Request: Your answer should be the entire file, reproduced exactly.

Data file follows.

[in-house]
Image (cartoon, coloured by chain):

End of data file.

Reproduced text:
[in-house]
Image (cartoon, coloured by chain):